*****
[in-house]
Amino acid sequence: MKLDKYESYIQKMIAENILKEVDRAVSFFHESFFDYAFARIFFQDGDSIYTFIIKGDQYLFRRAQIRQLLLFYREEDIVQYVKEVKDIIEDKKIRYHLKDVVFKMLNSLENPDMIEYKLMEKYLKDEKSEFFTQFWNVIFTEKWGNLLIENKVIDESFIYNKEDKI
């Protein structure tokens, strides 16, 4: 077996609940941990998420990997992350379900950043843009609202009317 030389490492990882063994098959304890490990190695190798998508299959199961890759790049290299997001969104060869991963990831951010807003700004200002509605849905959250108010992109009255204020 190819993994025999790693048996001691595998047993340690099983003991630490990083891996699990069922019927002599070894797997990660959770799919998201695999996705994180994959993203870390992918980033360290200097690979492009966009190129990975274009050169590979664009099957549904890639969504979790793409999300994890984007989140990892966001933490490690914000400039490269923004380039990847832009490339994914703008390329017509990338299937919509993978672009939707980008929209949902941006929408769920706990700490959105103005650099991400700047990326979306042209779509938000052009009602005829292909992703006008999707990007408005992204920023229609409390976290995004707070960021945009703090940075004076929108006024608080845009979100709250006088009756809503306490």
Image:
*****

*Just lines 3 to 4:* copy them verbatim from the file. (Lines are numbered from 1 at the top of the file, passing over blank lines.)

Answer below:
């Protein structure tokens, strides 16, 4: 077996609940941990998420990997992350379900950043843009609202009317 030389490492990882063994098959304890490990190695190798998508299959199961890759790049290299997001969104060869991963990831951010807003700004200002509605849905959250108010992109009255204020 190819993994025999790693048996001691595998047993340690099983003991630490990083891996699990069922019927002599070894797997990660959770799919998201695999996705994180994959993203870390992918980033360290200097690979492009966009190129990975274009050169590979664009099957549904890639969504979790793409999300994890984007989140990892966001933490490690914000400039490269923004380039990847832009490339994914703008390329017509990338299937919509993978672009939707980008929209949902941006929408769920706990700490959105103005650099991400700047990326979306042209779509938000052009009602005829292909992703006008999707990007408005992204920023229609409390976290995004707070960021945009703090940075004076929108006024608080845009979100709250006088009756809503306490």
Image: